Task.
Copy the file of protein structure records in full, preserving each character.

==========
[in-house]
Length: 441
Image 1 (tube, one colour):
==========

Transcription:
[in-house]
Length: 441
Image 1 (tube, one colour):